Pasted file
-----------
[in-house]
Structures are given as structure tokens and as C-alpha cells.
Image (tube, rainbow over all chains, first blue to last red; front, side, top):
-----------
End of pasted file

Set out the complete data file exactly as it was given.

[in-house]
Structures are given as structure tokens and as C-alpha cells.
Image (tube, rainbow over all chains, first blue to last red; front, side, top):